Christie Signs Order to Speed Sandy Recovery

The Star-Ledger reports: “Calling Hurricane Sandy-damaged homes that have not yet been torn down an “ongoing emergency,” Gov. Chris Christie signed an executive order aimed at speeding up the process of razing unsafe properties. … The order gives the Community Affairs commissioner the authority to “commandeer Sandy-impacted eligible structures,” as well as take possession of rights of way on any property needed to facilitate demolition. According to the governor’s office, state code enforcement officials have been surveying private properties to identify homes that need to be razed. Property owners will be notified when that determination is made and then will have the opportunity to challenge it.” The demolition program will be focused in Atlantic, Bergen, Cape May, Essex, Hudson, Middlesex, Monmouth, Ocean, and Union counties.


“Stronger Than the Storm” Basically a Massive Fail

According to a bunch of tourism industry poobahs testifying in front of a New Jersey state assembly committee, Chris Christie’s much-ballyhooed “Stronger than the Storm” campaign didn’t really help the Shore rebound in time for summer. The main issue, they said, was that the $25 million campaign launched in May, too late for most summer visitors to be convinced to make bookings.

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Everything You Need to Know About the Sandy Recovery in One Big Chart

The folks at—a home renovation website—have compiled this chart of information about the recovery from Hurricane Sandy. “We compiled data to highlight the aftermath’s effects on home repairs and insurance payouts a year after Sandy made landfall. With statistics on over 90 million home repair and improvement projects, Porch analysts hammered out data on preventative and reactive measures that were enacted after Hurricane Sandy’s landfall. Following the storm, an estimated 651,000 housing units were destroyed or damaged in the massive storm – 340,000 in New Jersey and 305,000 in the greater New York City area – with 22,000 housing units completely uninhabitable.”

That’s just the beginning. Check the chart after the jump:

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Morning Headlines: Forward-Thinking Designs Emerge From Ruin of Hurricane Sandy

post sandy lifeguard station

Rendering of a post-Sandy lifeguard station via Curbed National.

Five Design Innovations Sparked by Hurricane Sandy [Curbed National]
New trail connects Philly with wider East Coast network [Newsworks]
Land bank plan faces curve balls at Council hearing [City Paper/Naked City]
Fla. firm buys part of Bally’s AC casino[Daily News]
Paul Levy recalls the vision for mixed use, city marketing []

Sandy: One Year Later

SEASIDE HEIGHTS, NJ - JAN 13: The Casino Pier Star Jet roller coaster submerged in the sea on January 13, 2013 in Seaside Heights, NJ. Clean up continues 75 days after Hurricane Sandy struck in 2012.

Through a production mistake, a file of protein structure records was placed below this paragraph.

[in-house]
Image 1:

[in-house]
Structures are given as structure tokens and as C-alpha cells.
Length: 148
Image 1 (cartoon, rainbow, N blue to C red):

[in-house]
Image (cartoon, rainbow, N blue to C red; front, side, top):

Star Jet roller coaster, Seaside Heights, New Jersey. Photo |

October 21st, 2012, was one of those impossibly gorgeous Jersey Shore days, where even though the thermometer said the temperature was in the 60s, the sun was so strong and warm that I stripped down to my tank top while watching the Atlantic City Marathon.

Later, when I was having drinks on the lawn of Congress Hall after their TEDx Cape May Conference, the talk wasn’t just of the beautiful weather that day, but of a maybe storm. I say “maybe” for a reason. These were lifetime shore residents, old salts really, who were used to this: The alarm would sound about a storm because forecasters showed it hitting New Jersey in one of a dozen possible storm paths. And then it would slam into Florida, turn out to sea, or just fizzle out.

Not this time.

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PHOTO: World’s Biggest Sand Castle

Above is a photo of what is being called the world’s tallest sandcastle, in Point Pleasant Beach, on the Shore. According to the sandcastle’s site–yes, the sandcastle has its own website–Guinness World Records will certify the castle as the tallest ever on Tuesday, October 29th, the one-year anniversary of Hurricane Sandy.

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One Year After Sandy, Shore Still Recovering


The approaching anniversary of Hurricane Sandy—the second costliest storm in U.S. history after Katrina—prompted the Courier-Post to examine how residents are faring after the torrential rains were to have been replaced by a downpour of government aid and insurance. Perhaps unsurprisingly, both parties—that is, a federal emergency assistance program that earned a less-than-sterling reputation of its handling in New Orleans, and an industry that tends to find itself low on the totem of American affection—haven’t been particularly swift at reconstruction:

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